The Revolution Comes to Rossmoor 

As the Vietnam War generation invades senior communities, an old generation gap rears its ugly head.

Page 5 of 7

Thirty years after Vietnam, Doubet had managed to piss off his parents' generation all over again.

The Bay Area's history of social protest has given its inhabitants a distorted view of what baby boomers are really like. We may think of them as conscience-stricken idealists, but most are more interested in doing well than doing good. According to "Reinventing Aging: Baby Boomers and Civic Engagement," a 2004 study by the Harvard School of Public Health, the boomers broke with their parents' volunteerism and withdrew into themselves. "By every measure of engagement one can think of, they do less," the authors wrote. "They vote less, read newspapers less, are less apt to join churches or civic organizations."

This didn't happen by accident, the study's authors add. The World War II generation lived through national traumas that instilled a sense of collective fate -- almost everyone knew someone in the front lines or on a bread line. Among white Americans (and Rossmoor is indeed an overwhelmingly white community), these "unifying experiences" were reinforced by both racial segregation and suburban migration that blended European ethnicities into a monotonously white culture. The dark side to this uniformity was a stultifying pressure to conform, and intolerance for different ideas.

The boomers demolished such groupthink, empowered women, and built a more diverse, exhilarating country. But their world, fragmented by race, immigrant experience, and class, lacked the social cohesion that drives the volunteer impulse. If their parents are citizens, the boomers are consumers who define themselves through lifestyles more than politics, ethnicities, or neighborhoods. Retirement industry leaders expect that the boomers will impose these lifestyles on their senior communities. "The one thing you're going to find with baby boomers is you're going to find a generation with a lot of choices," says Debbie Pate-Newberry. "When they move in, they're going to want and even demand the same kind of consideration. Whereas right now we have a lot of elderly women who were at home with whatever we offered, in the next twenty years the generation of Vietnam War protesters and free love are going to move in and say, 'This is what I want.'"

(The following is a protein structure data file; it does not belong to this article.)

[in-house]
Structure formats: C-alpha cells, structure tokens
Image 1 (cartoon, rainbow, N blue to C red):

As senior VP for strategic planning at American Baptist Homes of the West, Kay Kallander spends most of her time worrying what the boomers will demand from her homes. First on her to-do list, she says, is to demolish the cafeterias. "Dining currently in most retirement communities consists of a large formal dining room where residents come and have dinner together," she says. "They have a communal dining experience, which has served seniors well in the past. I see the baby boomers wanting a very different dining experience."

The boomers, Kallander predicts, will demand an unprecedented array of food choices -- comfort food will be out, arugula and Belgian endive in. And the boomers will customize their spiritual needs as well: Rather than traditional chapels, Kallander says, her homes will build interfaith meditation centers -- ashrams are coming to a Baptist retirement center near you. A concierge may even be on standby to buy symphony tickets or pick up dry cleaning. And because the boomers have fetishized the concept of wellness, a host of fitness centers, personal trainers, and peer support groups will be installed.

Some developers have already begun tailoring their communities to these lifestyles. The Redwoods in Mill Valley, for example, has long branded itself as a bohemian retirement center, drawing old Mendo hippies and Marin County New Age acolytes to its grounds. In Brentwood, developer Blackhawk-Nunn is building Vineyards at Marsh Creek, an 1,100-home active senior community catering to the Napa Valley set. Instead of a golf course as the primary motif, Blackhawk president Steve Beinke is planting grapevines along the hills, and renowned vintner Kent Rosenblum has agreed to leave Alameda and build a new winery as the centerpiece of the new boomer paradise. "The over-55 group is expanding every day," Beinke explains. "It's an expanding segment of the market that is different from the buyer of a generation ago."


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